Birds

Another new-to-me bird: Eastern Rosella

This first rosella is the one that springs to mind when I think rosella, since this is the one that was always around and admired during my life in the western part of Victoria. I vaguely remember we had one as a family pet when I was about four. But, since moving to here over twenty years ago, I doubt I’ve noticed more than a dozen.

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Western Rosella (From Wikimedia)

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Western Rosella (Platycercus eximius)

RIGHT:  “Platycercus icterotis1”. Licensed under CC BY 2.0 via Wikimedia Commons –

& LEFT: From Wikimedia John Gerrard KeulemansCatalogue of the Birds in the British Museum. Volume 20

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Crimson Rosella (Platycercus elegans) Wikimedia

RIGHT: And then there is this one, which I didn’t know was a rosella until I looked it up recently for naming, here on my blog.  Lots of these birds around, every day. At the moment, several pairs are found on my morning walk down by the footbridge – eating acorns.

BELOW: The other day, I saw this new-to-me bird. I knew it was an Eastern Rosella as I’ve seen photos, but nothing prepared me for actually seeing one.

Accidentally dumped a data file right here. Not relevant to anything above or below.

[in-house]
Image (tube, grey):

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Eastern Rosella – Photo taken by Ralph Green (Flickr)

Wow. That’s what I thought, too! I was gobsmacked. What an awesome bird, and it looked especially colourful in the misty rain.

I want to take photos like these, so I better start saving up for a proper camera.

Wikipedia says…

The eastern rosella (Platycercus eximius) is a rosella native to southeast of the Australian continent and to Tasmania.

It has been introduced to New Zealand where feral populations are found in the North Island (notably in the northern half of the island and in the Hutt Valley) and in the hills around Dunedin in the South Island …

The eastern rosella is 30 cm (12 in) long.

My walks are conducted with even more wide-eyed enthusiasm with these new birds about.  🙂

(Apologies if these photos and captions go askew in smaller screens.)

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12 thoughts on “Another new-to-me bird: Eastern Rosella

    • The females are a little less gaudy, I imagine. I saw just the one, so couldn’t compare in real life. Apparently you can age the juveniles by their bill colour – it greys as they mature.

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